How can a focus on material culture help us better understand the ways that displaced people navigate the challenges of urban life? In this piece, William Montieth explores the (in)visibilities of refugees through the joint lenses of urban economies, and material culture. Through the wax fabric (kitenge) industry in Kampala (Uganda), Congolese refugees are rendered not … Continue reading The patterned legacies of displacement in Uganda: Reflections from the African Mobilities Exhibition
World Refugee Week provides an opportunity to reflect on and highlight the diverse challenges facing displaced peoples. In this piece, Tatiana Thieme (UCL-Geography) draws on her project's research with refugees and asylum seekers living in the city of Paris. The everyday (and every-night) challenges faced by marginalised refugees and asylum seekers - stemming from the … Continue reading World Refugee Day – DIY Humanitarianism in Paris
Displacement is mostly experienced in urban contexts, meaning that the vast majority of refugees live alongside, and often within the very houses of, their hosts, including established refugee communities, or 'refugee hosts'. In this piece, which is a re-posting from the Oxford Brookes Centre for Development and Emergency Practice blog, Zoe Jordan examines the dynamics … Continue reading Why Host Refugees?
Accounting for the roles of local communities is a key aim of our project, and of the 'Localisation of Aid' agenda more broadly. However, as a result of the mainstream narratives that pervade the literature on conflict-induced displacement, efforts to properly engage with the local have been held back by a failure to fully recognise … Continue reading Refugee Neighbours & Hostipitality
On Wednesday 14 June 2017, Dr Elena Fiddian-Qasmiyeh, PI of the Refugee Hosts project, joined a live TwitterChat with the ODI’s Humanitarian Policy Group and other experts in order to ask: are we doing enough for refugees? This chat was engaged with by over 25,000 people, making for a very exciting, interactive hour. Panelists involved […]
This article by Stefano Fogliata examines the intertwined trajectories of Palestinian refugees fleeing from the Syrian conflict who have found shelter in the recently rehabilitated Nahr el-Bared camp in North Lebanon. Investigating such a phenomenon, and experiences of diverse encounters between new and established refugee communities, is key to our Refugee Hosts project in light of the growing prevalence of overlapping displacements in … Continue reading Back to Metal: Palestinians from Syria in Nahr el-Bared camp in Lebanon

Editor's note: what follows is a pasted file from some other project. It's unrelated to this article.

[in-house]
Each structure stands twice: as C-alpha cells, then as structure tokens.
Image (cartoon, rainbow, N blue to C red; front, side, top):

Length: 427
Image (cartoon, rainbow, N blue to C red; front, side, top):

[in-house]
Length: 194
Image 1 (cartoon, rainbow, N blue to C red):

Between 10th - 15th March, the P21 Gallery in Somers Town, London will be hosting a spatial installation, Space of Refuge, which has emerged out of extensive fieldwork by Samar Maqusi, a PhD student at the Bartlett School of Architecture (UCL), who has also contributed to the Refugee Hosts blog (see here and here). Samar's research in Lebanon and Jordan investigates … Continue reading Space of Refuge: Installation and Symposium
By Charlotte Loris-Rodionoff, University College London In the aftermath of the 2011 Syrian revolution and in the midst of an ongoing war, what does loss mean for Syrians living in Southern Turkey ? How is this loss experienced, and how does it affect Syrians’ everyday lives in Turkey? Those are some of the questions I examined … Continue reading Loss and Everyday Life on the Syrian-Turkish Border
Urban Warfare, Resilience and Resistance: Leila Abdelrazaq’s Baddawi (2015) by Dominic Davies, University of Oxford How can different kinds of cultural performance and production reconstruct new forms of social cohesion across cities scarred by physical and psychological boundaries? Comics (often known in an academic context as ‘graphic novels’), are becoming an increasingly popular form through … Continue reading Urban Warfare, Resilience and Resistance
In an article published today in a special issue of Forced Migration Review on 'Local Communities: first and last providers of protection' (issue 53), Elena Fiddian-Qasmiyeh draws on her ongoing research into the experiences of local communities hosting refugees in the Middle East to interrogate the widespread assumption that the local communities hosting refugees are composed of settled and established groups of citizens.